Progressivism is best understood as a post-Christian ideology with roots in British Puritanism. The puritans were kicked out of England by King Charles I and eventually landed in America hoping to start new lives. From there, they slowly split between those who adhered to the supernatural and those who didn’t. But at no point were the tenets and utopianism of European Christianity scooped from their brains. Rather, the slowly evolving puritans developed an entire structure of government based at first on democracy, but which later moved to become the rule of unelected technocrats with the trappings of democracy. The name for this structure in the ancient world was "priesthood". We call it something different, but the effect is the same.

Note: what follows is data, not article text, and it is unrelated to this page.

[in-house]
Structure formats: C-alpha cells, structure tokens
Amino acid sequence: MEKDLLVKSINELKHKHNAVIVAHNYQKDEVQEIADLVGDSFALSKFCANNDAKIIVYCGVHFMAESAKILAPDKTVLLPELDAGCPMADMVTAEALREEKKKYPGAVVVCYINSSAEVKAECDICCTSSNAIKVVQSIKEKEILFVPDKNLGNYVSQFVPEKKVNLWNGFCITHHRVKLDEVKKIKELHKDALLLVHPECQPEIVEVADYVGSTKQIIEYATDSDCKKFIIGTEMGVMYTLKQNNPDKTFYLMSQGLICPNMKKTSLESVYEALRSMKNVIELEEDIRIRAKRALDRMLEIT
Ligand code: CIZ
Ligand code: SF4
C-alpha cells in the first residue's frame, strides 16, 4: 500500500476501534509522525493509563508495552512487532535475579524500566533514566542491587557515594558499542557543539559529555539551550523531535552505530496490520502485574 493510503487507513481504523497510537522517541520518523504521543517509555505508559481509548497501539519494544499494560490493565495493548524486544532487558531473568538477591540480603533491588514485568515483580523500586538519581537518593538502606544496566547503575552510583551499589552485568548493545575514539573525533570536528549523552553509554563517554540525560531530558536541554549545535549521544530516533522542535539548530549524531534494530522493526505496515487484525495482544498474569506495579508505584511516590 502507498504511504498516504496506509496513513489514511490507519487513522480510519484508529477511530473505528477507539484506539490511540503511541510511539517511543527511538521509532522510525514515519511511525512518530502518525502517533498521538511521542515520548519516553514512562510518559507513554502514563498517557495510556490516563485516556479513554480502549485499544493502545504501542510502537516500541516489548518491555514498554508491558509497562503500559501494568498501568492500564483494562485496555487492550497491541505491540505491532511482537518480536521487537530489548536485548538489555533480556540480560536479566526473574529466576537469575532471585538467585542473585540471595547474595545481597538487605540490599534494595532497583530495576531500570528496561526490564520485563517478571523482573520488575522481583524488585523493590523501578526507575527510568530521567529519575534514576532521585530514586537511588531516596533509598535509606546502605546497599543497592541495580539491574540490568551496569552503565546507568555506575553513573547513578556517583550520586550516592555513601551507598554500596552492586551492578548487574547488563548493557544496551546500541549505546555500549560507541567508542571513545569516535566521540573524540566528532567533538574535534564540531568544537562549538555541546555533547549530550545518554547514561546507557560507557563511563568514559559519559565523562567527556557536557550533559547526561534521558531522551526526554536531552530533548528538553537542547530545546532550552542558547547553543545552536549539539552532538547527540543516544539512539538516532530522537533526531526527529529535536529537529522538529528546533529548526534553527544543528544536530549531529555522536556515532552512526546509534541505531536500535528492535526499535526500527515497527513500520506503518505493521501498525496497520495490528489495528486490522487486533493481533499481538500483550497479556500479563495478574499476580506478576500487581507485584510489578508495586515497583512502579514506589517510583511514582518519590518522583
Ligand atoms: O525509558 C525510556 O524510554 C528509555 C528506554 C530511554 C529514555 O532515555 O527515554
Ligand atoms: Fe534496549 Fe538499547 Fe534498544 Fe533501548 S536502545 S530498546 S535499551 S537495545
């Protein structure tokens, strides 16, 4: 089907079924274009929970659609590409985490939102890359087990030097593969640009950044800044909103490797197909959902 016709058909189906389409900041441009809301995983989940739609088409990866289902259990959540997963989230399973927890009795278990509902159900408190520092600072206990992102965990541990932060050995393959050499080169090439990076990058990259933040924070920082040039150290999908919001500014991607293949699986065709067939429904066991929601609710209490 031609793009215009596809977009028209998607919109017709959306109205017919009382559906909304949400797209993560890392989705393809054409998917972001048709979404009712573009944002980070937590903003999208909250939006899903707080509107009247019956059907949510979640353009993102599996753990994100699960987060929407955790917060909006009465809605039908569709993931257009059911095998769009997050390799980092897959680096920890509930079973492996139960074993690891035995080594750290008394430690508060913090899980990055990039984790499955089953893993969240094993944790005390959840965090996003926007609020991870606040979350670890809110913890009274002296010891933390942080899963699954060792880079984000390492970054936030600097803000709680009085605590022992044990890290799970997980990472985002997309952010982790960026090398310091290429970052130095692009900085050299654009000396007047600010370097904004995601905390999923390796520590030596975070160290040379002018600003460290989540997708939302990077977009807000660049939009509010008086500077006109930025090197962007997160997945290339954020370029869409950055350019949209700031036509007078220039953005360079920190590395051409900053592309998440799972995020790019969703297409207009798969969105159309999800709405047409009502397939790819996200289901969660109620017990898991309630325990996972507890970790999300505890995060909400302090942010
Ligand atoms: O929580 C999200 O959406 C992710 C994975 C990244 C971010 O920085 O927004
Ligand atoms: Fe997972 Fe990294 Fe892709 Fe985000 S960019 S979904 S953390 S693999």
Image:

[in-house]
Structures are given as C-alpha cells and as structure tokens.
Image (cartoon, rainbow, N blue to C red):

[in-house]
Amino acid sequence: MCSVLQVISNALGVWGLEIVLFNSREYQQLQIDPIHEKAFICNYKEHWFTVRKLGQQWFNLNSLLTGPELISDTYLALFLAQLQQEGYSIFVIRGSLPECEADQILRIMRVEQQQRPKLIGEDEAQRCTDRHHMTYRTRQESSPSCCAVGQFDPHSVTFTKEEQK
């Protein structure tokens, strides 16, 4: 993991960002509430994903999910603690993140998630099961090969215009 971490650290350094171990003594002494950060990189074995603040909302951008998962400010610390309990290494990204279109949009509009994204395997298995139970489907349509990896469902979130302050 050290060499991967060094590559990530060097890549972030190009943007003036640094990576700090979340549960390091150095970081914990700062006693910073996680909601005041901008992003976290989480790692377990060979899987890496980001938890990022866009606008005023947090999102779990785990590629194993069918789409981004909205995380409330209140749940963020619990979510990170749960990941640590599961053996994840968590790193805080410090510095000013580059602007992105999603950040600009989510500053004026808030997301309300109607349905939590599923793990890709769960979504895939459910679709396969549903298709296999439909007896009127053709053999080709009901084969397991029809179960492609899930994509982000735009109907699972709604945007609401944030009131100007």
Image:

Is being a progressive like being a Christian? Why shouldn't it be? Each is a way of understanding the world through a set of beliefs. There is one big difference between Christianity and progressivism: Christianity is what we call a "religion." Its core beliefs are claims about the spirit world, which no Christian has experienced firsthand. Whereas progressive beliefs tend to be claims about the real world - about government and history and economics and society. To doubt progressivism is to doubt the American idea itself. People have to understand it is as American as apple pie.